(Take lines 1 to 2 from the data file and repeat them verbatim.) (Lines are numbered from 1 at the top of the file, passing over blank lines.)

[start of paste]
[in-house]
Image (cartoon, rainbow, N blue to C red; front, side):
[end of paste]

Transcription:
[in-house]
Image (cartoon, rainbow, N blue to C red; front, side):